It’s not as hard as you think it is (until it is).

Back in early 2012, I really wanted to learn how to make videogames. I looked up the process of how games are made – Design Documents, Graphics Engine, Vector Algebra, Programming! – these words were extremely intimidating for 12 year old me. I googled ‘How hard is it to learn programming’. The results came up, ‘It will take you years to learn programming‘, ‘It needs hard work and dedication‘. The first thing that came to mind was that I was wayyy in over my head, but for some reason I decided to continue. I learned some C++ by reading Bjarne Stroustrup’s book on the topic and slowly I created simple command line programs that would ask your name and reply by saying ‘Hey! {name} Nice to meet you!’, which in my mind was pretty cool back then.

Move forward 4.5 years to Today, September 25th. I still love programming, making fun things, messing around etc. Reflecting on the past, I don’t feel my journey in learning programming was filled with trials and tribulations. I’m in no way making the assumption that learning has ended for me, on the contrary! I’ve learned enough to know what I can/should learn further. There were times where I had to spend an hour or two understanding a concept that seems amazingly simple now, but it wasn’t hard. I think people often misuse the word ‘hard ‘. I only use the word hard for things that even through practice and effort, I have managed to mess up.

What I’m trying to say is that when you look at some type of commitment you have to make (in this case, spending time learning how to code), your mind concentrates all the effort it will take into a small space/blob/time/thing. This is where apprehension comes in. You feel that your life would be consumed by the thing you’re trying to learn, but often learning/doing that thing is often a small part of life. You’ll still have conversations with people, you’ll still go to parties, etc. Through these small learning sessions, over time you will gain a deeper understanding.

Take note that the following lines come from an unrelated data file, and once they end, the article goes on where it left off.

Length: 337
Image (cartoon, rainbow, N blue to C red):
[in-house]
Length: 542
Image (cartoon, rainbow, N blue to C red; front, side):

I fail to understand why people are constantly in a rush to learn new things i.e. TEACH YOURSELF HOW TO PROGRAM IN 7 DAYS!
You cannot learn without putting in the effort. There is no magic weight loss diet that allows you to eat all the cakes you desire. There is no workout program that will increase your bench press by 100 pounds in two weeks. I call this Natural Justice. Nature has a way of shitting on your miraculous ideas and short-cut schemes and I love it for this. Want to build a machine that would provide unlimited energy? Nope, can’t do that according to thermodynamics.

Q. So far I’ve explained the ‘It’s not as hard as you think it is‘ portion of this post, but what about the ‘(until it is)‘ portion?
A. So you’ve learned the thing you wanted to learn. It’s been an arduous journey, but you finally finished. Now comes the easy part right? Umm.. No. The easy part is over, now comes the hard part i.e. Application and Invention. Once you learn something, you build a base upon which you research is going to be tested against. You have to apply yourself and figure out different ways things can be done that within certain constraints.

In the context of programming, once you learn the syntax, functions, classes, project structure then next phase of learning begins. While you apply your knowledge to build real world applications, you will face obstacles. Oh? The Cross-Origin Resource Sharing header prevents me from getting JSON data from the web server, how do I solve that? Oh? This function I’m trying to run is blocking the UI thread making the program non-responsive. Oh? Our servers are incapable of scaling based on the amount of traffic and are getting overwhelmed. As a programmer, you’ll learn different strategies to combat these and if you’re the lucky enough to be the first person to face these issues, you’ll have to think of a solution on your own.

TL:DR; Things worth learning take time. Chill out, you’ll get there eventually. When you get there, you’ll realize you’ve only just started.

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